Yesterday, I told you about a new concept applied to an old technology: flexible television screens that you'll be able to unroll wherever you want. For details, read "Roll up for the floppy television."
Today, we'll look at an old concept applied to a new technology, a far more geekier subject: computers with no clocks.
Before discarding this web page as a headache generator, please remember you have the whole weekend in front of you to read about the concept and assimilate it.
The two authors, Ivan E. Sutherland and Jo Ebergen, are working for Sun Microsystems. And their research group already has produced interesting results: the UltraSPARC IIIi processor recently introduced by Sun includes some asynchronous circuits developed by their group.
Let them explain the concept of asynchronous computers.
How fast is your personal computer?
When people ask this question, they are typically referring to the frequency of a minuscule clock inside the computer, a crystal oscillator that sets the basic rhythm used throughout the machine. In a computer with a speed of one gigahertz, for example, the crystal "ticks" a billion times a second. Every action of the computer takes place in tiny steps, each a billionth of a second long. A simple transfer of data may take only one step; complex calculations may take many steps. All operations, however, must begin and end according to the clock's timing signals.
Because most modern computers use a single rhythm, we call them synchronous. Inside the computer's microprocessor chip, a clock distribution system delivers the timing signals from the crystal oscillator to the various circuits, just as sound in air delivers the beat of a drum to soldiers to set their marching pace. Because all parts of the chip share the same rhythm, the output of any circuit from one step can serve as the input to any other circuit for the next step. The synchronization provided by the clock helps chip designers plan sequences of actions for the computer.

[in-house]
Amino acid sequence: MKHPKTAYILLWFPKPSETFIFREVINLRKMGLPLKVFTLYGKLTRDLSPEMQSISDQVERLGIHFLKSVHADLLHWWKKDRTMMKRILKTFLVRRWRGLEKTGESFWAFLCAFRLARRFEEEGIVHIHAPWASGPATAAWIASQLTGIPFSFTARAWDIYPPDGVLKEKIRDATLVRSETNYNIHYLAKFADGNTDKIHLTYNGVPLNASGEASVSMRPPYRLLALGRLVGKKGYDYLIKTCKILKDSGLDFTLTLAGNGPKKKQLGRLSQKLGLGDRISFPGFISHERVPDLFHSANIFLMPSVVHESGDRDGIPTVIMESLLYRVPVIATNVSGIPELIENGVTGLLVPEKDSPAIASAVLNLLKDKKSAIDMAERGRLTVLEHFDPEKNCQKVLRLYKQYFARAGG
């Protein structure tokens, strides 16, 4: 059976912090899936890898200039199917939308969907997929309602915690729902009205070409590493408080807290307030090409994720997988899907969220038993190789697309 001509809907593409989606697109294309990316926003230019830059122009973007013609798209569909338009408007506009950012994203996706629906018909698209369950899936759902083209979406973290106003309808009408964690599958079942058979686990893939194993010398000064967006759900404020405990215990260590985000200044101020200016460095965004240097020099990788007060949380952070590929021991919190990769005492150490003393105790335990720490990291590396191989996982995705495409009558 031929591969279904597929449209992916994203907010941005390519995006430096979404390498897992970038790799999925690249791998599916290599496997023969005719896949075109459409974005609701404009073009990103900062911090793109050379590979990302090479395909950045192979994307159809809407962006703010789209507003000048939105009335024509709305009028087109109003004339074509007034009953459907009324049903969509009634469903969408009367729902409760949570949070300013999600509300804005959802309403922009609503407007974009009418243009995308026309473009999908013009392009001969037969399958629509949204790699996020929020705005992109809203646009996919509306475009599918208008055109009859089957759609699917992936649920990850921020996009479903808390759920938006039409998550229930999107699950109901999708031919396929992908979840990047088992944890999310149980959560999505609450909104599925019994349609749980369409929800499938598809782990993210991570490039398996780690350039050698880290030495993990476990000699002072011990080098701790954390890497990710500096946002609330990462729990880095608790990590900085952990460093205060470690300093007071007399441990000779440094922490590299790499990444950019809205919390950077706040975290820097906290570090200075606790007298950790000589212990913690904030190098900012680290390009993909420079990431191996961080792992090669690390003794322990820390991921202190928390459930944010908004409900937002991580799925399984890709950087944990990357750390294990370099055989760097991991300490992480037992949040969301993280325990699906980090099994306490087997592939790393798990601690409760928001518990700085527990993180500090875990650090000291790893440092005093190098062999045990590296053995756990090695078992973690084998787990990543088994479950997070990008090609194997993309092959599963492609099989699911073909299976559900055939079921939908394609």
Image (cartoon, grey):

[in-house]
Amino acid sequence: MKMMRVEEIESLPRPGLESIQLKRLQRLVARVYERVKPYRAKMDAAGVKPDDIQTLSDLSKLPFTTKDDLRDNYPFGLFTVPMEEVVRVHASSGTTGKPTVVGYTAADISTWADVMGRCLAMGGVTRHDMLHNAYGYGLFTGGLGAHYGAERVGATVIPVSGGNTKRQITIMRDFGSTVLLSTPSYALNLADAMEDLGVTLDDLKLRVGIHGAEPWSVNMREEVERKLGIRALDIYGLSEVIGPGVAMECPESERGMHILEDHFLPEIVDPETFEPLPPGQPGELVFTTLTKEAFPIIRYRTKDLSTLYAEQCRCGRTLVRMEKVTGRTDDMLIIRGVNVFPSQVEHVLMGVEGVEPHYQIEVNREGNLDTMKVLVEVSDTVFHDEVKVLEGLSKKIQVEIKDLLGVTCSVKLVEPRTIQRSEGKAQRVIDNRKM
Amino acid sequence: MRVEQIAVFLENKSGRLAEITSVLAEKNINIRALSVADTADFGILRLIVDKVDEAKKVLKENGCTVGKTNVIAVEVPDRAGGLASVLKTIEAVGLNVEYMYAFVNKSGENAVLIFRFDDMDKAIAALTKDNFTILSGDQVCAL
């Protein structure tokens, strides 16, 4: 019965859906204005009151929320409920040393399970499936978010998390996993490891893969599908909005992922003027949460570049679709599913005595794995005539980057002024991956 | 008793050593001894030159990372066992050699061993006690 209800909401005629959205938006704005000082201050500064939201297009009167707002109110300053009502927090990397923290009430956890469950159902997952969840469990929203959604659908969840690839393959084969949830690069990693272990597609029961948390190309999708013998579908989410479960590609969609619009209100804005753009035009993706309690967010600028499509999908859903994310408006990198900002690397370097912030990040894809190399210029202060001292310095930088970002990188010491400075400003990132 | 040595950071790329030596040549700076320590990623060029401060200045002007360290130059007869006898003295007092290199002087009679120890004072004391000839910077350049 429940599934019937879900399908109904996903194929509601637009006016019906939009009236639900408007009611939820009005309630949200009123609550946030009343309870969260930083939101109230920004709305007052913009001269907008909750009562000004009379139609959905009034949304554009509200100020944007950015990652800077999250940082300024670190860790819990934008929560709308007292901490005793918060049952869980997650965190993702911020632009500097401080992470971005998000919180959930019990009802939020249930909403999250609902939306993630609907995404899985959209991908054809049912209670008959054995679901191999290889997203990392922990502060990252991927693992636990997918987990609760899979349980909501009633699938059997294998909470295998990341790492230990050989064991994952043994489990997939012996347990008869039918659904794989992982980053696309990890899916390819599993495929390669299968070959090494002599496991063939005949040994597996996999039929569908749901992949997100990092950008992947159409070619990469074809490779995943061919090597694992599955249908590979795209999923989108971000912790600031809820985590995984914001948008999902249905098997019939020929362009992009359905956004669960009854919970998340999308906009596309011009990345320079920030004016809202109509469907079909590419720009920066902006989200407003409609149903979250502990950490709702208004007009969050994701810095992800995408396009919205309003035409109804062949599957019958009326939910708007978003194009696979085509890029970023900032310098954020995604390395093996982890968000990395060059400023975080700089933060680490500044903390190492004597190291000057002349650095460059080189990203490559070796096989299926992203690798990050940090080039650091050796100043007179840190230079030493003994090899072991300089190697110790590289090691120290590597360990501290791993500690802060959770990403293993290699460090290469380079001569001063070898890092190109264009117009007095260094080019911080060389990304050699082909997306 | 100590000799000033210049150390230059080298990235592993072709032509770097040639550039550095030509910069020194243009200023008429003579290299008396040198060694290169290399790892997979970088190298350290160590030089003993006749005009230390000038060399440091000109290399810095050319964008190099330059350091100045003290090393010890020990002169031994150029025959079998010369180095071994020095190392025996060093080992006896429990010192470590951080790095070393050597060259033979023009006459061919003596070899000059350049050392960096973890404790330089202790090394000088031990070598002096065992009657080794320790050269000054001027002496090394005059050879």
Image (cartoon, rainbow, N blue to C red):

The use of a central clock also creates problems. As speeds have increased, distributing the timing signals has become more and more difficult. Present-day transistors can process data so quickly that they can accomplish several steps in the time that it takes a wire to carry a signal from one side of the chip to the other. Keeping the rhythm identical in all parts of a large chip requires careful design and a great deal of electrical power. Wouldn't it be nice to have an alternative?
Our research group at Sun Microsystems Laboratories seeks such alternatives. Along with several other groups worldwide, we are investigating ways to design computing systems in which each part can proceed at its own pace instead of depending on the rhythm of a central clock. We call such systems asynchronous. Each part of an asynchronous system may extend or shorten the timing of its steps when necessary, much as a hiker takes long or short steps when walking across rough terrain.
So what are the potential benefits of asynchronous systems? They include include faster speeds, lower power consumption and less radio interference.
Are you intrigued? Convinced? Do you want to learn more about local coordination circuits designed to ensure orderly flows of data? Do you want to explore the concepts of the two most important coordination circuits called the Rendezvous and the Arbiter?
If your answer is yes, read the full article. If your answer is no, you can go to the beach and unroll your TV screen.
Source: Ivan E. Sutherland and Jo Ebergen, for Scientific American, July 15, 2002
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